US 2999428 A
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Description (OCR text may contain errors)
Sept, 12, 1961 F. N. MARlANl 2,999,428
MOUNTING FOR REAR VISION REFLECTOR Filed May 51, 1955 2 Sheets-Sheet l INVENTOR. 5 0 J M 4f. M :2 BY
Sept. 12, 1961 F. N. MARIANI MOUNTING FOR REAR VISION REFLECTOR Filed May 31, 1955 2 Sheets-Sheet 2 IN VEN TOR.
Uni d tat Patent 7 2,999,428 MOUNTING FOR REAR VISION REFLECTOR Frank N. Mariani, 165 Seaman St., Washington Heights, New York, N.Y. Filed May 31, 1955, Ser. No. 511,914 2 Claims. (CI. 88-98) The subject matter of the invention is an improved rear vision reflector for vehicles and of the type adapted to be removably mounted on a molding thereof. One important object resides in the provision of a rear vision reflector wherein the gooseneck thereof can be conveniently adjusted while still mounted on the vehicle. Another object is realized in the provision of a rotatable gooseneck or arcuate stem appropriately carrying the reflector casing and carrying rotatable bearing means adapted to removably straddle and clamp against the molding for holding the gooseneck in a set position against accidental rotation relative to the vehicle and heating means. Another object deals with a gooseneck having a downwardly flared base embodying a depending nipple cooperating with the bearing means for rotatably retaining the gooseneck relative to the bearing means except when the molding is clamped against the nipple. Another object is concerned with a novel and universal ball and socket connection for rotatably and frictionally retaining the reflector casing. Other objects, advantages and functional and structural features of the invention will be evident from the following detailed specification considered in the light of the accompanying drawings wherein:
FIG. 1 is a perspective view of the rear vision reflector according to my invention shown attached to a part of an automotive device.
FIG. 2 is an enlarged sectional view on the line 2-2 of FIG. 1.
FIG. 3 is a fragmentary view of FIG. 2 but showing the gooseneck and bearing in assembled relation but before the depending annular flange has been bent or spun outwardly against the bearing.
FIG. 4 is an exploded perspective view of the reflector shown in FIG. 1.
FIG. 5 is a sectional view on the line 55 of FIG. 1 showing the ball and socket connection in an operatively secured relation.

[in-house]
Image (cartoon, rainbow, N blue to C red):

FIG. 6 is a view similar to FIG. 5 but illustrating the stem of the ball and socket joint prior to operatively retaining the ball to the socket, and
FIG. 7 is a sectional view on the broken line 7-7 of FIG. 1, illustrating the manner of retaining the mirror to the casing.
In the drawings, the rear Vision reflector is broadly denoted R and comprises the mirror carrying casing C, gooseneck or arcuate stem S, and bearing B which is in the form of a U-shaped yoke provided with spaced and substantially parallel arms 10 and 11 integrally merged by the arcuate bridge 12, thus defining a channel for thereception of marginal part M of an automotive device (not shown).
Arm 11 is cutaway to provide recess 13, hence forming spaced ears 14 each having a threaded opening 15 for adjustably receiving a threaded set screw 17.
Upper arm 10 embodies the circular tapered and downwardly expanding opening 18 for rotatably receiving the depending annular nipple or hollow flange 19 extending from the widened or flared base 20 of gooseneck S.
After nipple 19 is projected into tapered opening 18, a tool (not shown) is inserted into the bore of nipple 19, causing the latter to spread outwardly and against the wall of tapered opening 13 after which the free end of the nipple is upset or spun to form the outwardly projecting annular rim 21 to rotatably retain the flared base 20 ice 2 against arm 10 of the bracket or bearing B. Nipple 1 is now tapered and is rotatably confined against the wall of opening 18 by the coaction of base 20 and retaining rim 21 which rotatably straddle leg 10.
If margin M be interposed between leg 10 and the interrupted leg 11, and screws 17 are subsequently tightened, it is apparent that margin M will bear againstrim 21, and the latter against leg 10, causing leg 10 to be clamped tightly and against rotation, realtive to hearing B.
Thus bearing B need not be removed from the margin or molding M of the vehicle in the event it is desired to rotatably adjust or swivel the gooseneck relative to' bearing B. As is well appreciated, this may be easily accomplished by merely unloosening set screws 17 and subsequently rotating the gooseneck relative to hearing B to the position desired after which set screws again are tightly clamped against margin M to firmly clamp rim or flange 21 against leg or arm 10. By such action, the gooseneck is again held in a set position and against accidental rotation.